The Honorable Senator Martin L. “Marty” Murray served as president pro tempore of the Pennsylvania Senate longer than any other Democrat, eclipsing Jeffersonian Presley Carr Lane’s previous record (eight years), established before the end of the War of 1812. At retirement, Marty claimed the second longest stint as pro tem or Speaker. Senator Martin L. Murray was born December 16, 1909, the son of Martin and Bridget Finnerman Murray of Ashley, Luzerne County. He married Catherine Doyle of the same place on June 20, 1938. Graduating from Saint Leo High School and the Wharton School of Finance, Murray embarked on a successful career as owner and operator of a Wilkes-Barre insurance agency. The future Senate pro tem assumed a high community profile as a member of numerous social, civic, and fraternal organizations.
The senator’s initial interest in politics emerged while a 16-year-old high school student. According to Murray, when he and friends asked the Ashley School Board for permission to play pick-up basketball games after hours in the Ashley school gym, the Republican-controlled school board refused the request. “Rather than sulk,” Murray recounted, “I figured the best thing to do would be to fight fire with fire … I got into politics.”
He later became a 24-year member and director of the same school board, proved instrumental in changing the law prohibiting after-school basketball in the gym, and ultimately enjoyed a meteoric rise in the Senate of Pennsylvania, serving 24 years in Harrisburg. Preceding Senate service, Murray spent 11 years in the state House of Representatives, 1945-1956, ascending to the upper house in November of the latter year, representing Luzerne’s 14th District.
After 12 years in the Democratic minority, Marty became president pro tempore in late 1970, maintaining the position for 10 years. Senator Murray served on the Executive Committee of the Joint State Government Commission, the Legislative Data Processing Committee, the State Highway and Bridge Authority, the General State Authority, and chaired the Legislative Budget and Finance Committee. He served on the State Public School Building Authority, State Council of Civil Defense, Transportation Assistance Authority, Pennsylvania Higher Education Facilities Authority, and the Susquehanna River Basin Advisory Commission. His bills advocated tougher strip-mining laws, programs for the poor, equitable funding for public schools, and an increase in the number of state scholarships. Murray supported Governor Shapp’s tax programs and served as the governor’s chief advocate for executive initiatives, except his stand on abortion. Murray opposed legalized abortion, no matter the justification, while the governor assumed a firm position in favor of a woman’s right to choose without state interference. Previously, Murray backed the Public Employees Relations Act, allowing teachers and other public employees to engage in strikes and collective bargaining; the Fleming Senate’s establishment of the Department of Environmental Resources, and under Tony DiSilvestro, Murray championed hard fought passage of the fair housing and fair educational opportunities provisions of the 1961 state Human Relations Act. He voted for school district consolidation; the Wage, Payment, and Collection Act; and lobbyist registration.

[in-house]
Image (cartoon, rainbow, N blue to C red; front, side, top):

He backed the project 70 referendum, the County Records Act, the Pennsylvania Higher Education Assistance Agency Act of 1963, the establishment of the State Board of Education, and the 1963 Business Corporation Act. Senator Murray represented his party as a 1964, 1968, and 1972 delegate to the Democratic National Convention, was a member of the 50-state National Legislative Rules Committee; the Legislative Reference Bureau, 1965-1966; treasurer of the Luzerne County Democratic Committee for 12 years, and a member on the executive committee for 20 years.
The Honorable Martin L. Murray passed away on July 1, 1990.